How we all wish that all rodents could be as fun and lovable as Mickey and Minnie. But sadly, this is not the case. The sight of a mouse or a rat can scare even the bravest of the lot. And worse, these animals, which are very often found in homes, can greatly threaten the health of people. Among the diseases that may be spread by rodents are the following:
Hantavirus Pulmonary Syndrome
A common disease transmitted by rodents such as the deer mouse, cotton rat, rice rat, and white-footed mouse is the hantavirus pulmonary syndrome. This is an infectious disease that exhibits flu-like symptoms that may progress quickly to fatal breathing problems. This disease may be transmitted through breathing of dust contaminated with the urine or droppings of rodents and direct contact with rodents or their urine or droppings. In rare cases, a person may be infected after being bitten by these rodents.
Leptospirosis is another common disease associated with rodents and may occur in any country. This is caused by bacteria that may result to a number of symptoms that may lead to kidney or liver failure, respiratory disorders, meningitis, or even death. Leptospirosis is spread through eating food or drinking liquids contaminated with the urine of infected rodents. Another way this disease is transmitted is through contact of the skin or mucous membranes with soil or water contaminated with the urine of infected animals.
Lymphocytic Chorio-meningitis (LCM)
Caused by the common house mouse, Lymphocytic Chorio-meningitis or simply LCM is a very serious and life-threatening viral infection that targets the membranes surrounding the brain, spinal cord, and the cerebrospinal fluid causing the dreaded meningitis. This disease is usually transmitted through direct contact or breathing of dust contaminated with the urine or droppings of house mice. In rare cases, bites from these mice may cause LCM.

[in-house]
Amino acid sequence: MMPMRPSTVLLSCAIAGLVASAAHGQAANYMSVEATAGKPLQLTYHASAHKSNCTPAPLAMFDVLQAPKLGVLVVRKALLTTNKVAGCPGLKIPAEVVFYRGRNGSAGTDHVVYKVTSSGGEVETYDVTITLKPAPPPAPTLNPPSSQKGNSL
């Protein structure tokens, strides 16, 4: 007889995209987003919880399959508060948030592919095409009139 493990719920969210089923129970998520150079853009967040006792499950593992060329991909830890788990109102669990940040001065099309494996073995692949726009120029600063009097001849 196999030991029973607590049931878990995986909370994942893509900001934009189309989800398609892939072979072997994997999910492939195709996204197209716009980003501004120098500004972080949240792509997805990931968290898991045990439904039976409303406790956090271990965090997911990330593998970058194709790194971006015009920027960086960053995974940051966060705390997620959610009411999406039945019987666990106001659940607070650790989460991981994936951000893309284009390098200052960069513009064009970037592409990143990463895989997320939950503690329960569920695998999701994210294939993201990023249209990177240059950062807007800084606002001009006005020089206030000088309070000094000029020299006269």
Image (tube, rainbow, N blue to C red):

Salmonellosis is a form of food poisoning caused by the bacterium called the salmonella enterica. Symptoms of this condition include fever, diarrhea, and abdominal pain that may appear 12 to 72 hours after being infected. This food poisoning may result from eating foods or drinking water that is contaminated with the rodents’ feces.
While not as common as other rodent-related diseases, rat-bite is a very serious disease that may occur in any country. Other names for this disease include streptobacillary fever, streptobacillosis, spirillary fever, sodoku, and epidemic arthritic erythema. Symptoms may vary depending on the type of rodent causing the infection although some usual signs are fever, chills, vomiting, rashes, nausea, and muscle aches. This disease is transmitted through eating foods or drinking water that is contaminated with the feces of a rodent. Wounds caused by an infected rodent may also cause the onset of this deadly disease.
Although there may be devices or chemicals that may be used for getting rid of rodents, these generally do not completely eradicate the problem and may even expose the residents to risks of these chemicals. Especially those within the Ontario area, homeowners are urged to seek the assistance of professional to ensure that the problems related to rodents are addressed properly.